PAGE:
Many master’s in criminal justice degrees come with certain prerequisite requirements and academic expectations. Most of these degree programs expect students to have an undergraduate degree or possess professional experience in a related field.
The Most Common Prerequisite
Anyone who hasn’t taken criminal justice prerequisites will still be encouraged to apply and be admitted to the degree program. These students may need to take some of the prerequisite courses before they start graduate courses or during the summer before they begin graduate study.
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The most common prerequisite class will be something like Introduction to Criminal Justice or Criminal Justice 101. This course will introduce the basics of criminology and criminal justice in the United States. Some colleges allow students to waive this prerequisite requirement by taking a qualifying exam to demonstrate their understanding of the criminal justice system. Some degree programs may require students to have taken classes related to law, communication, the legal system or law enforcement.
Other Common Program Prerequisites
Some graduate-level criminal justice programs may require students to take an undergraduate-level course in theoretical criminology before they can study advanced criminological theory. Criminology research and statistics classes may sometimes only be taken if the student has already completed the equivalent undergraduate-level coursework. These are usually a social scientific course in fields like sociology, psychology or political science.
Not all undergraduate courses may be accepted for certain criminal justice classes. While an advanced statistics class from a math teacher does teach important knowledge, it lacks the crucial elements found in criminology research. Some graduate-level criminal justice programs expect students to have an accredited bachelor’s degree in a related social science field. They may also expect students to submit GRE or GMAT scores.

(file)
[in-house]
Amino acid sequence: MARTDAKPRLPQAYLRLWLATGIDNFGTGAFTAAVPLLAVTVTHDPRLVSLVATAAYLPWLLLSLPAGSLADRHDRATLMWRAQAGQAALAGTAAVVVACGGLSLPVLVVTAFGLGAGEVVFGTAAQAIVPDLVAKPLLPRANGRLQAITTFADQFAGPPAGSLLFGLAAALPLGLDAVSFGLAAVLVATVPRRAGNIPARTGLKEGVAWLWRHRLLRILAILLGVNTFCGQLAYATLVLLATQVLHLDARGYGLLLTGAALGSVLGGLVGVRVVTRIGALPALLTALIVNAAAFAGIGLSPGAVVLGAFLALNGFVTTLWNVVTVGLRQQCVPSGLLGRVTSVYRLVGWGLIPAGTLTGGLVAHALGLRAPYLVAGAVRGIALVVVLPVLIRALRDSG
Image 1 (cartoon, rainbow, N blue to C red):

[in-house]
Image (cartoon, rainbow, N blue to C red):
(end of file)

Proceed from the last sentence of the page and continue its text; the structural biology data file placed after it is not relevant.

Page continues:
Criminal Justice Admissions Requirements
Most degree programs will require a minimum GPA of 2.5 to 3.0 for admission into their graduate programs. Selective universities with strong reputations will most likely only accept students who have earned a GPA of 3.0 or higher. These universities may conditionally admit students with lower GPAs into their master’s program, but they must first pass an admissions committee interview and submit strong evidence that they will succeed in the graduate program. Most graduate degree programs require students to submit two letters of recommendation from former professors or supervisors who can discuss the student’s writing, research and analytical skills. Resumes should succinctly describe academic achievements, such as honors and awards, as well as extracurricular activities, such as internships and volunteer experiences.
Letters of Intent
Almost all graduate programs require students to submit a letter of intent that answers certain academic questions and establishes certain academic goals. These include the motivation to apply for a graduate degree in criminal justice and the expected career outcomes after the degree is completed. Most letters of intent require the student to expound on what relevant research and practical experiences qualify them for admission. Students should include their areas of interest related to criminal justice, such as a family member who is a law enforcement or personal experience as a service member of the U.S. military.
When submitting a letter of intent for a Master’s in Criminal Justice program, be sure to include evidence of research potential. This could include writing samples where applicants synthesize scholarly research or examine literature reviews.